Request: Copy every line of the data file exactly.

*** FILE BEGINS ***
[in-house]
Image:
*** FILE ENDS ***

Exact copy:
[in-house]
Image: